By Ajai Shukla
Business Standard, 18th Oct 16
A key argument marshalled by the 7th Central Pay Commission (7th CPC) that reduced the military’s disability pensions has been that the number of senior officers claiming disabilities have been rising steadily. This suggests they have been claiming spurious disabilities to get additional pensions and tax benefits.
The source of that argument, as Business Standard now learns, is a letter from the military’s top doctor, complaining to the defence secretary that senior generals misuse their position and influence to “be placed in low medical classification few months before their superannuation”.
Lieutenant General BK Chopra, the Director General Armed Forces Medical Services (DGAFMS), who retired in June, wrote in a demi-official letter to then Defence Secretary Radha Krishna Mathur, that “Disability Pensions have become an easy & attractive source of tax-free supplementary income” for senior officers.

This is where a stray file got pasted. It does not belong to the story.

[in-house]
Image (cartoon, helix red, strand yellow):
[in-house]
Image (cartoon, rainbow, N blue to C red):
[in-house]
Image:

He goes on to suggest, “that tax exemption related to disability pension should also be removed”.
The 7th CPC, noting this trend, recommends that disability pensions be calculated through a “slab system” that effectively lowers benefits for most pensioners, including officers, junior commissioned officers (JCOs) and other ranks (ORs).
Chopra confirms to Business Standard that he wrote that letter on December 16, 2014. He states it was his intention to reduce the pressure from generals on his doctors, not to strip away disability benefits from lower ranks, as has happened after the government implemented the pay commission recommendations.
“I never questioned the payment of disability benefits to lower ranks and soldiers. They are not in a position to influence the medical boards anyway”, he says, referring to the bodies that categorise the level of disabilities in patients.
The DGAFMS’ letter suggests that medical boards of senior officers be held in facilities located away from where they are exercising command, in order to minimise unfair influence.
Chopra told Business Standard his letter was circulated by the defence ministry to the three service chiefs for comments and suggestions, but they ruled out changing the system of medical boards.
The government is learned to be considering ways of tightening up medical boards for senior military officers, including by holding them in reputed civil hospitals rather than in military facilities.